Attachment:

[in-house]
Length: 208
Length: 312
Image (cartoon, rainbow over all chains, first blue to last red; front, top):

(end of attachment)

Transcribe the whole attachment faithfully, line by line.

[in-house]
Length: 208
Length: 312
Image (cartoon, rainbow over all chains, first blue to last red; front, top):